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Despite progress in recent decades in Western societies in what women are permitted to do, normative expectations continue to create boundaries for how women can and should be(have). Gender norms are, as Judith Butler (1990) states, continuously reproduced in the reiterative process of ‘doing’ gender. 

This reproduction of gender norms constituted in the repetitive performance of gender in accordance with such norms is the source of inspiration for CAGED (2023). Reviving the tradition of tableau photography, the series invites the viewer to complete narratives in which women are portrayed in intimate moments of solitude. The women turn away from us, leaving their characters unexplained. We are thus asked to make meaning from the situations with which we encounter them; to make dynamic connections between interior spaces and the possible characters of the women depicted. 

Although the photographs seem to point backwards in time at first glance, looking more closely at the details will reveal that they are, in fact, situated in the present. This play with historicity is also expressed stylistically in that the photographs deliberately dialogue with paintings from earlier centuries, where women were portrayed as anonymous muses, yet are, in fact, carefully constructed from a female gaze: each photograph is the result of a performative act where I, in repetitively using my own body, make visible the process of performativity, thereby opening up for a re-signification of the compulsory repetition of gender’s norms.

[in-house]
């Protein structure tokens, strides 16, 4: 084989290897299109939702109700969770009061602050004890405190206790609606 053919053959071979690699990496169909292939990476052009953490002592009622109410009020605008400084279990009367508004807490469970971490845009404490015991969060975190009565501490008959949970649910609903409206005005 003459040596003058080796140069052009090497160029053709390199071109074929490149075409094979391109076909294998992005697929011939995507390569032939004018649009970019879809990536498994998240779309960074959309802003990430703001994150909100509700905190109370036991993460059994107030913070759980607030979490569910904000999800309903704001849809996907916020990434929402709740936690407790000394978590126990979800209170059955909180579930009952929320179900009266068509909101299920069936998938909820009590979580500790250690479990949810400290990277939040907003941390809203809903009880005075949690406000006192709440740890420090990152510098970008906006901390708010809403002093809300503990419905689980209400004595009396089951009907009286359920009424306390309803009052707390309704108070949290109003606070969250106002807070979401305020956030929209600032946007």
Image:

The title of the series is a subtle reference to A Vindication of the Rights of Woman (1792) by Mary Wollstonecraft. The series has arisen in response to recent regressive trends in Western societies, which make increasingly visible that the progress we have achieved is a fragile construct that can be easily overridden by the reiteration and reconstitution of centuries-old expectations for what women can and should do.